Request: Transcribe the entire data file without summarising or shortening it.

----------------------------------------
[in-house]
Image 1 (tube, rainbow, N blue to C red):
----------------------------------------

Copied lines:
[in-house]
Image 1 (tube, rainbow, N blue to C red):